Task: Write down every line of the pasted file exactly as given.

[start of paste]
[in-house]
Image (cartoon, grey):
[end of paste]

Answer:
[in-house]
Image (cartoon, grey):